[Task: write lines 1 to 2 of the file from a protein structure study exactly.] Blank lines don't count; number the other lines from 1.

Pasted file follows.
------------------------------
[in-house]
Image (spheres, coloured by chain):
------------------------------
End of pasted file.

[in-house]
Image (spheres, coloured by chain):